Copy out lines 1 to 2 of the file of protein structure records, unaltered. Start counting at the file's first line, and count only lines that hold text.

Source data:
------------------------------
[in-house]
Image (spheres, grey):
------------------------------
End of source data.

[in-house]
Image (spheres, grey):